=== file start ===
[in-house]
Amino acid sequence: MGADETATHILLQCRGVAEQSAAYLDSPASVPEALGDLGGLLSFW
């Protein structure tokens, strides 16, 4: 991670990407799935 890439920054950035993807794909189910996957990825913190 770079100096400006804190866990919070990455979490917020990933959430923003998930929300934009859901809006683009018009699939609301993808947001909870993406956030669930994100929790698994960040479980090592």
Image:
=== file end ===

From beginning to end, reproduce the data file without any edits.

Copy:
[in-house]
Amino acid sequence: MGADETATHILLQCRGVAEQSAAYLDSPASVPEALGDLGGLLSFW
């Protein structure tokens, strides 16, 4: 991670990407799935 890439920054950035993807794909189910996957990825913190 770079100096400006804190866990919070990455979490917020990933959430923003998930929300934009859901809006683009018009699939609301993808947001909870993406956030669930994100929790698994960040479980090592």
Image: